E-cigarettes are devices that heat a liquid into an aerosol that the user inhales. The liquid usually has nicotine and flavoring in it, and other additives. The nicotine in e-cigarettes and regular cigarettes is addictive. E-cigarettes are considered tobacco products because most of them contain nicotine, which comes from tobacco.
Besides nicotine, e-cigarettes can contain harmful and potentially harmful ingredients, including:
+ ultrafine particles that can be inhaled deep into the lungs
+ flavorants such as diacetyl, a chemical linked to serious lung disease
+ volatile organic compounds
+ heavy metals, such as nickel, tin, and lead
E-cigarettes are a 2.5 billion dollar business in the United States. As of 2014, the e-cigarette industry spent $125 million a year to advertise their products and used many of the techniques that made traditional cigarettes such a popular consumer product.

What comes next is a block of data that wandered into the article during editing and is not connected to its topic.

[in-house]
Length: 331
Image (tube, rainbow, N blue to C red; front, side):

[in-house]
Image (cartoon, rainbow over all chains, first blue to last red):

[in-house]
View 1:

Marketing and advertising of conventional tobacco products like cigarettes are proven to cause youth to use tobacco products. Scientists are also finding that youth who are exposed to e-cigarette advertisements are more likely to use the product than youth who are not exposed.
The Bottom Line
Scientists are still learning more about how e-cigarettes affect health. However, there is already enough evidence to justify efforts to prevent e-cigarette use by young people.
Because most tobacco use starts during adolescence, actions to protect our nation’s young people from a lifetime of nicotine addiction are critical.
Working together, we can keep America’s youth and young adults safe from the dangers associated with tobacco use and nicotine addiction.
*Cited from the U.S. Department of Health and Human Services